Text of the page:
"We found a location, we signed a lease, (but) we had no goods, no connections, and we didn't really know what we were doing..." - Eric
From Maine to Mexico City
In January, a few weeks after renting a shop in Portland, ME, the “Three Amigos”, Eric, Pete, and their friend Dave arrived in Mexico City with a few dollars they changed for pesos, and without a return ticket. On the second day, “There was an earthquake and we all had a bad case of the “Tijuana Two-Step (if you know you know). We were staying in the cheapest place we could find, and were all sharing a bathroom.” "Fortunately," reflects Pete, “We all lived in a s#%thole apartment on Grant Street in Portland. The typical 5 room 5 dude apartment… actually it was a 4 bedroom with a landing, and I rented the landing”.. Their living situation in Portland had prepared the Three Amigos for these initial travel trials and they were able to remain in buen humor (good spirits) despite the initial tremors and tribulations.
El que busca encuentra.
In Mexico, there’s a saying, “el que busca encuentra”, or if you search you will find. Eric and Pete started searching the markets in Mexico City for groovy goods, and the more they searched, the more they found. Eric remembers that they first sought out the help of a government organization that helped connect artisans and exporters.
"We were cruising around, we did a little research and met with government officials who brought us to some small scale producers... we saw them blowing glass, I actually still have some in my house today," remembers Eric.
“We wandered around and found hand blown glass, lacquered baskets, Oaxacan black clay, and ceramic masks,” says Pete, and 35 years later… “We actually still have a (handpainted) Oaxacan mask in the Portland store that was one of the first things we ever bought.”
Proxima Parada, Guatemala
They wrapped up their time in Mexico, and all of the groovy goods they had found which they sent back to Portland. Three Amigos then said adios to Dave, became the Dos Amigos, and flew to Guatemala. From the capital, they made their way to the UNESCO preserved city of Antigua, which was once the capital of Central America during Spanish colonial rule. The cobblestone streets were reminiscent of Portland Maine, if not for the semi-active volcanoes surrounding the city, and the sprawl of ancient Spanish architecture.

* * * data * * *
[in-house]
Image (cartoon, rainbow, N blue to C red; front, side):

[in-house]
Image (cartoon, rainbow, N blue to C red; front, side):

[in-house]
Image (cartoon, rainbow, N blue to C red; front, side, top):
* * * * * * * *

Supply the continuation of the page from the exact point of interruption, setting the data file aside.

From Antigua they took a bus out to a small village in the Guatemalan highlands. Eric remembers that upon arriving Pete wanted to offer the locals their PB&J sandwiches. "These were real basic huts with dirt floors and open fires with no chimneys," recalls Eric, "They looked at the sandwiches, looked at the fires in their homes and said (with a combination of expression and body language), how about we make lunch for you?" They all ended up sharing a casera (home cooked) meal together and afterwards Eric and Pete loaded up on some of their indigenous textiles and other artesanias.
Los Primeros Pantalones
Back in Antigua under La Iglesia la Merced, a rebuilt church that was twice destroyed by volcanoes, they purchased their first clothing, a pair of drawstring pantalones or pants that would forever shape the future of Mexicali. “They didn’t really fit right. When you put them on they seemed like they were backwards,” says Pete, “Fortunately, we’ve turned it around since then.” It was en el mercado bajo La Merced that they also found their first friendship bracelets, and worry dolls, which have forevermore become symbolic staples at Mexicali Blues.
On their way back to the states with many pairs of backward pantalones and thousands of friendship bracelets in their backpacks, “because… we had a lot of friends.” They decided to separate going through customs and meet up on the other side. Out of all of the people in the airport, Eric and Pete ended up meeting back up in a small room, being searched, and being interrogated before re-entering the US, I guess they looked the part.
El Principio… de Algo
Upon arriving back in Portland they worked at Mexicali in their spare time but they both still worked two other jobs for years, Pete delivering sandwiches and selling real estate with Doobie, and Eric working in restaurants around the city. Mexicali as we know it was but a dream, but at least now they had memories, baskets, friendship bracelets, and some backwards pantalones…